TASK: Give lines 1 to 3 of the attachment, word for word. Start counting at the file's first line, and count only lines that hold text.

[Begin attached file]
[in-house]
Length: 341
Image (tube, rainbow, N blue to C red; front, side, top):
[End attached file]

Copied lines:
[in-house]
Length: 341
Image (tube, rainbow, N blue to C red; front, side, top):